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Citation Information

Type Working Paper
Title Powering up China: Uncovering the Drivers of Domestic Electricity Consumption
Author(s)
URL https://www.aeaweb.org/aea/2014conference/program/retrieve.php?pdfid=1205
Abstract
Energy demand in China has grown at an
alarming rate over the past fifteen years.
In 1995, the Chinese economy consumed
33.25 quadrillion Btus of energy, and by
2011, that number had more than tripled to
109.62 quadrillion Btus (EIA, 2013). China
surpassed the U.S. in terms of greenhouse
gas emissions in 2006 and in terms of total
energy consumed in 2009. Though forecasts
vary about how quickly China’s energy demand
will grow in the future, even at half
of the recent rate, China’s energy use would
double in 18 years.
Existing forecasting models appear to
have underestimated China’s recent growth
in energy demand. For example, in its 2000
International Energy Outlook, the Energy
Information Administration of the US Department
of Energy predicted that China
would consume 55 quadrillion Btus of energy
in 2005, just 5 years later. China’s
actual consumption was nearly 25 percent
higher, at 67.92 quadrillion Btus. Similarly,
some academics have noted that one factor
contributing to the spike in oil prices in
2008 was higher than expected demand for
oil from China (Hamilton, 2013).
It is important to understand factors that
drive energy demand in China in order to
improve forecasts and to evaluate policies
that might alter the path of energy consumption.
Given the level of central planning
in the country, a first-order question is
how well neoclassical models of householdor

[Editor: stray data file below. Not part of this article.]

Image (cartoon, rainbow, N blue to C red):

firm-level energy consumption apply to
China.
In this paper, we focus on residential en-
* Auffhammer: University of California Berkeley and
NBER, 207 Giannini Hall, Berkeley, CA 94730-3310,
auffhammer@berkeley.edu. Wolfram: University of California
Berkeley and NBER, Haas School of Business,
Berkeley, CA 947201900, wolfram@haas.berkeley.edu.
Acknowledgements: We thank Joshua Blonz for valuable
research assistance. All remaining errors are ours.
ergy consumption and investigate how income
growth, particularly among households
close to the bottom of the income distribution,
affects adoption of energy-using
consumer durables. Consumers in urban
China have recently acquired energy-using
assets at an alarming rate. For example,
there were 8 air conditioning units for every
100 households in 1995, and by 2009,
there were 106 units for every 100 households
(Auffhammer, 2014). Similarly, vehicle
ownership in urban China has risen
at almost 40 percent per year between 2000
and 2010, helping fuel China’s rapid growth
in oil consumption (China Statistical Yearbook,
2001 and 2011).
A previous literature has documented an
S-shaped relationship between household
income or expenditure level and ownership
of appliances, cars and other energy-using
assets (e.g. McNeil and Letschert, 2010).
The S-shape is consistent with decisionmaking
in which households at very low
levels of income do not allocate additional
income to acquire energy-using assets, but
past a certain threshold, households become
much more likely to use income gains
to acquire refrigerators, cars or electric water
heaters (Gertler, Shelef, Wolfram and
Fuchs, 2013).
This paper explores behavior consistent
the S-shape in China. We combine
province-level data on rural appliance penetration
levels between 1999 and 2010 with
province-level data on income distributions
over the same time period. We use across
and within province variation to investigate
the relationship between poverty rates,
controlling for the average income, and
residential energy consumption. In spite
of tremendous overall reductions, China’s
poverty alleviation has been uneven, so we
have reasonable variation in income distributions
across provinces and over time.

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